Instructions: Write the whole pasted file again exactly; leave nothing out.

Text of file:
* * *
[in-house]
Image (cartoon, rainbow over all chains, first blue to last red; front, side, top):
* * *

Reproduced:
[in-house]
Image (cartoon, rainbow over all chains, first blue to last red; front, side, top):